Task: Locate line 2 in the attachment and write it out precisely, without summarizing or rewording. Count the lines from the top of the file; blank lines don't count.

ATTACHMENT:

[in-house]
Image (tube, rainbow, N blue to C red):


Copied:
Image (tube, rainbow, N blue to C red):